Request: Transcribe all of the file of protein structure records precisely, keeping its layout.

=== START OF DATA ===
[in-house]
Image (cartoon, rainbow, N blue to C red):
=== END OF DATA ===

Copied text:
[in-house]
Image (cartoon, rainbow, N blue to C red):